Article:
OK, so let’s bring this baby in for a landing!


According to the SoloLearn app, generics allow the reuse of code across different types. To demonstrate this, let’s first declare a method that swaps the values of two parameters:

static void Swap(ref int a, ref int b) {
int temp = a;
a = b;
b = temp;

As a reminder for myself, I decided to look up ref as it was the only thing in the above code that I couldn’t remember. …

We’re on a roll now, so let’s keep going (he awkwardly said to himself)…


A struct type is a value type that encapsulates small groups of related variables like the coordinates of a rectangle, or the characteristics of an item in an inventory. A struct is declared like this:

struct Book {
public string title;
public double price;
public string author;

OK, so here we go, new stuff!


We’re going to talk about something called Abstract Classes, but the SoloLearn app first reviews what we just went through, polymorphism. It states that it’s:

Used when you have different derived classes with the same method, which has different implementations in each class. This behavior is achieved through virtual methods that are overridden in the derived classes.

In other words, where a base class has methods that are inherited by a derived class, you can have a method in the derived class overwrite a method of the same name from the…


Next up, we go into the Inheritance & Polymorphism section of the SoloLearn app. We definitely talked about polymorphism early on, so I’m hoping to understand that pretty well when we get to it. First, though, we’ll talk about inheritance. The is the ability to define one class based on another class. Apparently, this…

…makes creating and maintaining an application easy.

Mm hmm.

The class whose properties are being inherited by another class is called the base class. The class that is doing the “inheriting” is called the derived class. Their example describes it pretty well:

…base class Animal can…


Next up, the SoloLearn app goes through the this keyword, which refers to the current instance of the class, or, the current object. One important thing that they point out is using it to distinguish class members from other data like local variables of a method.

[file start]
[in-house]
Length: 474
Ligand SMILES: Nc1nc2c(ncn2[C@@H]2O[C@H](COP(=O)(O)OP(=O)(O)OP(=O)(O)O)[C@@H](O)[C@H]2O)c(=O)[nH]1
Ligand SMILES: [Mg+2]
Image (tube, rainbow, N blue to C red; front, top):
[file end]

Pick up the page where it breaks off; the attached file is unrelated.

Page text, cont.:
Here’s an example:

class Person {
private string name;
public Person(string name) {
this.name = name;

In the code above, this is described within the app this way:

Here, in this.name, this represents the member of the class, whereas name represents the parameter of the constructor.


The SoloLearn app now goes into what, effectively, is the opposite of a constructor (which is the instantiation of a class), which is a destructor. Destructors are automatically invoked when an object is destroyed or deleted. They then list the following four attributes of destructors:

  • A class can only have one destructor.
  • Destructors cannot be called. They are invoked automatically.
  • A destructor does not take modifiers or have parameters.
  • The name of the destructor is exactly the same as the name of the class, prefixed with a tilde (~), as in the following:
class Dog {…


Continuing on with Arrays & Strings, we’re going to purposely give ourselves a headache, by talking about jagged arrays. Apparently, “jagged” arrays are arrays of arrays. Here’s what the code looks like:

int[ ][ ] jaggedArr = new int[3][ ];

This code declares a new single-dimensional array called jaggedArr, who has 3 elements, each of which is a single-dimensional array of integers. So, above is how you’d create the jagged array but without any initial values. Below is code that creates a jagged array with initial values. …

I just finished Part 6 about 5 or 10 minutes ago, but I’ve got some momentum now and decided to just move right along to the next section within the SoloLearn app, called Arrays & Strings.


In as much as we can create new classes, there are a number of built-in classes, one of which is the array class. The app describes it this way:

An array is a data structure that is used to store a collection of data. You can think of it as a collection of variables of the same type.

A simple example of when and…

OK, so moving on…

…we now find ourselves within the Classes & Objects section. They haven’t really touched on anything related to classes yet, but we have seen them. While they’ve talked about using individual variables, of a data type, which can hold single values, classes are described as:

A data type that defines a set of variables and methods for a declared object.

I really like the way they explain what a class is in that you could have a class called BankAccount which has properties and methods for managing an individual bank account (i.e. balance, deposit, withdrawal, etc.)…

The first sentence of the project within the SoloLearn app says:

Now, let’s create a method that will display a pyramid of any height to the console window using star (*) symbols.

…and I start to get queasy…

I’ve got Visual Studio launched, and a new Console App called StarPyramid made. I’ve erased the sample code within the Main method, and stare…

Here are my thoughts:

  • There will be a loop that repeats based on the number of rows that the user enters.
  • The first row will print 1 star to the screen, and then each subsequent row will take…

Scott Rosenbloom

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